1. Stay put if you are not totally certain where you came from. Do not venture further.
  2. Call 9-1-1 before calling loved ones in case your phone battery dies. They can track your location.
  3. Establish yourself, meaning check out the resources you have on you  and around you whether it’s a wind shelter, running water etc.
  4. Take note of what you can see whether the ocean, a mountain top, anything that stands out.
  5. Record the time when you stop. As well, what time were you last somewhere, that you knew? Remember the details of what you saw leading up to when you stopped.
  6. Are you injured? Treat your injuries or minimize the pain if you can. Get warm.
  7. Are you wet? Do you have dry clothes/ Can you keep yourself dry and warm? Can you make a fire?
  8. Can you signal for help with a whistle? Continue to do this.
  9. Save your battery life on your phone. This is why a headlamp is a key travel piece.
  10. Use signaling devices like flares sparingly. For example, if you hear someone or see a helicopter. It may be missed otherwise and you have a limited supply so consider your timing.
  11. Again, stay put, especially at night time.

I truly hope that this is a helpful piece of information and a reminder to those who need it. Let’s enjoy the beauty of our back country and always hold mother nature in our highest respect. We have more and more tools that make going into the back country accessible to all, but this can also lead to a false security  of feeling safe. It is for all of us to learn the basics of outdoor travel, know how to make a safe trip plan, leave a route plan with someone, bring the essentials and manage our risk throughout our days.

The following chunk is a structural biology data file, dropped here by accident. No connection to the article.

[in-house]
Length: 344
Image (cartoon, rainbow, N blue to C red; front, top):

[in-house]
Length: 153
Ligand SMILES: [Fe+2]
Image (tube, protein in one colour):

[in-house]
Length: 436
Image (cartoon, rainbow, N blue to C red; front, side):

I encourage everyone to take a course or explore these topics further before venturing out of your comfort zones. Our wilderness is meant for everyone and offers so much to us. It has immense power, beauty and lessons to share. Lets soak up its richness and travel smart.

Please check out this 2 – day Outdoor Council of Canada course that I will be offering in the coming weekends. This is a great tool for individuals, teachers, leaders and organizations to participate in. I would be happy to offer a discount to groups of 4 or more if you are part of an outdoor group, a school or work organization.

Wild Love,

Silke
www.WildRootJourneys.com

Wild Root Journeys